It was meant to be different. That was the tag-line. The sedentary waters of the heavyweight division were to be purified. David Haye wanted to fight the best heavyweights straight away, he didn’t want to procrastinate, to manoeuvre. He just wanted to know if he was the best, prove it or fail. Money was secondary. Challenge was everything. Boxing’s downtrodden masses craved the Utopia Haye was selling. He evangelised about bypassing promoters, side-stepping sanctioning bodies and the established order. Boxing is about the fighters not men in suits he might have said. He founded this alternate reality. Hayemaker. Fighters flocked to his rallying cry. Pretty girls flushed, forums hummed, fans cheered. Now, with a portion of the establishment in his possession – the WBA belt – and an unexpected level of renown that now enables him to accumulate £1-3 million pay-days for the type of rudimentary defence he once denounced, the urge to corner a Klitschko in a ring, or even at the top of an elevator has evidently subsided.
The addenda he added to the founding commandments of Hayeism to justify or explain his withdrawal from previously arranged fights with the Klitschko brothers; the background noise of injuries, bankrupt television networks, unfair options on his future that pacified supporters temporarily are all increasingly being used by detractors keen to point out the opportunities Haye has now had to fight his premier targets.
If Haye opts to fight Audley Harrison as is widely mooted rather than agree to the 50-50 split contract on the table from the Klitschko’s (though the detail of which is not in the public domain), then fans can only assume he’s sticking his nose in the trough in the manner of all those that preceded him did. On the one hand you can’t begrudge him the opportunity to earn well from his achievements, but as one of the few willing to suggest he was fortunate to get the nod over the lumbering Russian giant – a fighter awarded the belt when Ruslan Chagaev withdrew with hepatitis – he surely still has much to do to fulfil his stated ambition of unifying the division and illuminating boxing in to the bargain. Much though I like John Ruiz and applauded Haye’s gumption in tackling Nicolay Valuev it is only in beating the Ukrainian brothers that he can find the long-lasting acclaim we once believed he desired.
True the Harrison fight has a curiosity value. In part because Harrison would be such a huge under-dog and would therefore evoke the support us Brits love to dispense on our plucky losers and in part because of their shared nationality and brand recognition. Harrison may have had little but bad press over this past decade but he is proof if proof were needed that there is no such thing as bad publicity. Despite a series of humbling defeats and inactivity Harrison has remained in the public consciousness through first, his own attempt to blaze an alternative trail of self-management and self promotion a decade ago to more recent times as just another heavyweight under the guidance of Frank Warren, and most recently Barry Hearn. Incredibly, despite those setbacks and Haye’s apparent multitude of advantages of power, speed, youth and form it would still be a major event fight in the United Kingdom and SKY Sports appear eager to encourage Haye to take this fight rather than the Klitschko test to the annoyance of everyone, including trainer Adam Booth. As Orwell lamented money and power have a way of corrupting even the most well-intentioned.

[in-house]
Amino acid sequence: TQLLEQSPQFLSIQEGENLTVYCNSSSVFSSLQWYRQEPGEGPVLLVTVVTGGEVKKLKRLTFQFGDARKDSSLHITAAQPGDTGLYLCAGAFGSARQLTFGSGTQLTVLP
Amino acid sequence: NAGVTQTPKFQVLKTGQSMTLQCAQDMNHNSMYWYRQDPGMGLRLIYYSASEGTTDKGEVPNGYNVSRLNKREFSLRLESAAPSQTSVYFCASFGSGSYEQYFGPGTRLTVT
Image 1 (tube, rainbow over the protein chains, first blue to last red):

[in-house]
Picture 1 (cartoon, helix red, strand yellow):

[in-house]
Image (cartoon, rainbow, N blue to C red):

In all likelihood no one fighter will ever rescue boxing, heavyweight or otherwise, in the manner Haye said he would. It is a task beyond the wit or will of any individual. Yes, a fighter can galvanise interest, Haye’s predecessors Tyson, Ali, Marciano, Louis, Dempsey, Johnson – it pains me to mention his name among them but please forgive the blasphemy for a moment – all served to lift boxing from a slumber or on to a new plane of economic brevity and physical excellence but all failed to eradicate the intangible stranglehold money and its servants have over the purest sport of all.
Perhaps only when those who buy tickets and watch shows rebel against the sub-standard product presented as world-class boxing will the powers at work within the sport ever truly endeavour to pitch the best fighters against the best fighters more often. Like Boxer, the huge shire-horse in George Orwell’s Animal Farm, boxing fans have the greatest strength and most unstinting loyalty to the cause, and yet remain frustratingly ignorant to the power for change they possess.
However, I must confess to an urge to see the fight if it is made. Not because I believe it will be an enthralling prize-fight but because I will be cheering for a by then venerable Audley Harrison to shock David Haye and lay claim to whatever negligible fraction of the world-title the WBA profess to control. About one sixteenth by my clumsy calculation.